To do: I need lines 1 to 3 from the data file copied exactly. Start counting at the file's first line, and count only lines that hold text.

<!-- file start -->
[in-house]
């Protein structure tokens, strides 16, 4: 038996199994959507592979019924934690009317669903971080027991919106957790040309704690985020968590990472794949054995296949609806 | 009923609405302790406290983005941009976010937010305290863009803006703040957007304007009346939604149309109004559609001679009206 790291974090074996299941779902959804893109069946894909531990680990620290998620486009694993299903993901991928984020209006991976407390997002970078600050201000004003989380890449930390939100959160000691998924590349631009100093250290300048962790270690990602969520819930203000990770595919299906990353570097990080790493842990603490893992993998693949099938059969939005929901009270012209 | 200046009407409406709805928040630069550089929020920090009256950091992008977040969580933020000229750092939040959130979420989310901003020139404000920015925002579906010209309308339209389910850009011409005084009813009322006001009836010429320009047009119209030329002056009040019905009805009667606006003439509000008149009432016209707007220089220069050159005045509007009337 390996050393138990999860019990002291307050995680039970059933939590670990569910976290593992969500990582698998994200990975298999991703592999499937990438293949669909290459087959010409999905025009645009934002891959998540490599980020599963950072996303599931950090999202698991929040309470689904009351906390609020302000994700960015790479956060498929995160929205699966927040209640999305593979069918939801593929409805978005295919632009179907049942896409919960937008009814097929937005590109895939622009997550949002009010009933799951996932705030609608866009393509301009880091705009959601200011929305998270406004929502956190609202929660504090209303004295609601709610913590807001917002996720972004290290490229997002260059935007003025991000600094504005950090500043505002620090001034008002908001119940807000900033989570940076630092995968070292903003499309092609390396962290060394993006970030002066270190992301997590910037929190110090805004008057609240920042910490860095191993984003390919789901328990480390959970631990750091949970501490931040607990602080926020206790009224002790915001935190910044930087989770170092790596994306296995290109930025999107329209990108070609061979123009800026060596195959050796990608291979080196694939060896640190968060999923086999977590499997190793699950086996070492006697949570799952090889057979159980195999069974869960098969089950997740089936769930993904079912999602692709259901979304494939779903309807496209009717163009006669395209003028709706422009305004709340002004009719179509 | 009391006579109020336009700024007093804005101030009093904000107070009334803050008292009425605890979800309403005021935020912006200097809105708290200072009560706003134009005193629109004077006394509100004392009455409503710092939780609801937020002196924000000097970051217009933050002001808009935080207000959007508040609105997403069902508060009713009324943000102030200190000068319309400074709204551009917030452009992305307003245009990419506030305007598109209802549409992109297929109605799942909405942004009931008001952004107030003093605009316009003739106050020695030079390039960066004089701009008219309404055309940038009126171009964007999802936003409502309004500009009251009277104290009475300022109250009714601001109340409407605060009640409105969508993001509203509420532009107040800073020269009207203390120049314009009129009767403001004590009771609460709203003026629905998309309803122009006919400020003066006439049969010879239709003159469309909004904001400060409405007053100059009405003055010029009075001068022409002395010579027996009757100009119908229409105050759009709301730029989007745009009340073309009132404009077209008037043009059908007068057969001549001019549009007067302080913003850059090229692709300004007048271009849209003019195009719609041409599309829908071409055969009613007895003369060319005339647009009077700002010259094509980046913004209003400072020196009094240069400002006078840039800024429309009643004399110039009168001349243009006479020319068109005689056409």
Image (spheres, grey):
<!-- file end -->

[in-house]
């Protein structure tokens, strides 16, 4: 038996199994959507592979019924934690009317669903971080027991919106957790040309704690985020968590990472794949054995296949609806 | 009923609405302790406290983005941009976010937010305290863009803006703040957007304007009346939604149309109004559609001679009206 790291974090074996299941779902959804893109069946894909531990680990620290998620486009694993299903993901991928984020209006991976407390997002970078600050201000004003989380890449930390939100959160000691998924590349631009100093250290300048962790270690990602969520819930203000990770595919299906990353570097990080790493842990603490893992993998693949099938059969939005929901009270012209 | 200046009407409406709805928040630069550089929020920090009256950091992008977040969580933020000229750092939040959130979420989310901003020139404000920015925002579906010209309308339209389910850009011409005084009813009322006001009836010429320009047009119209030329002056009040019905009805009667606006003439509000008149009432016209707007220089220069050159005045509007009337 390996050393138990999860019990002291307050995680039970059933939590670990569910976290593992969500990582698998994200990975298999991703592999499937990438293949669909290459087959010409999905025009645009934002891959998540490599980020599963950072996303599931950090999202698991929040309470689904009351906390609020302000994700960015790479956060498929995160929205699966927040209640999305593979069918939801593929409805978005295919632009179907049942896409919960937008009814097929937005590109895939622009997550949002009010009933799951996932705030609608866009393509301009880091705009959601200011929305998270406004929502956190609202929660504090209303004295609601709610913590807001917002996720972004290290490229997002260059935007003025991000600094504005950090500043505002620090001034008002908001119940807000900033989570940076630092995968070292903003499309092609390396962290060394993006970030002066270190992301997590910037929190110090805004008057609240920042910490860095191993984003390919789901328990480390959970631990750091949970501490931040607990602080926020206790009224002790915001935190910044930087989770170092790596994306296995290109930025999107329209990108070609061979123009800026060596195959050796990608291979080196694939060896640190968060999923086999977590499997190793699950086996070492006697949570799952090889057979159980195999069974869960098969089950997740089936769930993904079912999602692709259901979304494939779903309807496209009717163009006669395209003028709706422009305004709340002004009719179509 | 009391006579109020336009700024007093804005101030009093904000107070009334803050008292009425605890979800309403005021935020912006200097809105708290200072009560706003134009005193629109004077006394509100004392009455409503710092939780609801937020002196924000000097970051217009933050002001808009935080207000959007508040609105997403069902508060009713009324943000102030200190000068319309400074709204551009917030452009992305307003245009990419506030305007598109209802549409992109297929109605799942909405942004009931008001952004107030003093605009316009003739106050020695030079390039960066004089701009008219309404055309940038009126171009964007999802936003409502309004500009009251009277104290009475300022109250009714601001109340409407605060009640409105969508993001509203509420532009107040800073020269009207203390120049314009009129009767403001004590009771609460709203003026629905998309309803122009006919400020003066006439049969010879239709003159469309909004904001400060409405007053100059009405003055010029009075001068022409002395010579027996009757100009119908229409105050759009709301730029989007745009009340073309009132404009077209008037043009059908007068057969001549001019549009007067302080913003850059090229692709300004007048271009849209003019195009719609041409599309829908071409055969009613007895003369060319005339647009009077700002010259094509980046913004209003400072020196009094240069400002006078840039800024429309009643004399110039009168001349243009006479020319068109005689056409």
Image (spheres, grey):